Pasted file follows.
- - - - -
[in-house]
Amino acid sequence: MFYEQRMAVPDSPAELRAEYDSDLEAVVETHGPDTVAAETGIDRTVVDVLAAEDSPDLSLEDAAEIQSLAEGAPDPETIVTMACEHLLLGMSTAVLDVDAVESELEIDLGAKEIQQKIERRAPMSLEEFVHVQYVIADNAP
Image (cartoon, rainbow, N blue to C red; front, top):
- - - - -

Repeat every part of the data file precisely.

[in-house]
Amino acid sequence: MFYEQRMAVPDSPAELRAEYDSDLEAVVETHGPDTVAAETGIDRTVVDVLAAEDSPDLSLEDAAEIQSLAEGAPDPETIVTMACEHLLLGMSTAVLDVDAVESELEIDLGAKEIQQKIERRAPMSLEEFVHVQYVIADNAP
Image (cartoon, rainbow, N blue to C red; front, top):